Sunday, May 20, 2018

the top ten best hit songs of 2012 (REDUX)

So this top ten list is going to be a little different than the previous few I've put together - mostly because I've made it before.

So let's back up a little - as many of you know, I started on YouTube in July of 2013, but I had begun writing about music a good two years earlier, first on Facebook and in 2012 on my personal blog, where I started by assembling my list of the top ten best hit songs of 2012. And while I've made reference to that year on Billboard BREAKDOWN and in year-end lists, I've never actually converted that list to video, which is what I'm going to be doing today... with a twist. See, my opinions have evolved and changed over the past six years and I figured it wouldn't be a bad step to revisit the year-end Hot 100 of that year and see if my greater critical acumen and hindsight had shifted my opinion... and while for the most part it hasn't, I am going to making a few changes from that original list, so there's no guarantee you'll know what shows up here.

But if there is one thing that has been solidified by this relisten, it's that 2012 stands head-and-shoulders above the majority of this decade with some of the best hit songs of the 2010s. Pop was still riding out the club boom to a fair amount of success, country was only in the early years of the growth of bro-country and landed some real quality on the charts, R&B was notching some genuinely forward-thinking tunes, and hip-hop... okay, maybe more of a transitional year overall, but there were highlights. But what makes the 2012 chart so vibrant was the indie boom, a flashpoint of out-of-nowhere crossovers from indie folk, pop and rock that for a brief shining moment redefined what a hit could be in the mainstream. And while it's dispiriting how much of it would fizzle away in the coming year - and indeed, if we're looking at a theme for this list it would be high points of potential never quite achieved again - it still left us with a list of tracks where I actually had to cut some great songs, something you can't say about years like, say, 2016. So as always, the rules are that the song must debut on the year-end Hot 100 in this year, and let's get started with...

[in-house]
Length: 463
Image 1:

10. You know, hindsight can be a funny thing when looking back on 2012 and seeing collaborations that make perfect sense at the time but likely would never make sense even a few years later. But in a sense if we were looking for a warm-up before 2015 made two of these artists into chart-dominating superstars, this is a point of humble, but wonderful beginnings.

I don't know a single person who if they remember 'Young Wild & Free' dislikes it, even if I get the impression it's still underappreciated and is bound to wind up as one of those songs that'll be huge when it gets mixed into a montage or meme in about five or six years. But before Wiz Khalifa got well over three billion views with Charlie Puth for 'See You Again' and Bruno Mars got nearly three billion for 'Uptown Funk', they teamed up with Snoop Dogg for a chill stoner anthem that was the lead single for a direct-to-DVD stoner comedy called Mac & Devin Go To High School. And really, 'Young Wild & Free' is about the only thing worth caring about from that film - the chill but jaunty piano-driven production from the Smeezingtons, how effortlessly Snoop and Wiz trade bars, Bruno Mars easing into the devil-may-care coolness that would come to define his later years, it's a hangout anthem if there ever was one with genuine groove and the sort of blissed out vibe that Jack Johnson would probably kill for. Songs this relaxed and naturally charismatic rarely get the acclaim a flashier song would seize, but that doesn't mean they aren't worth your time, especially when the hook is this sticky - you probably haven't heard this one in a while, but man it's worth it.

9. But on the topic of those flashier songs...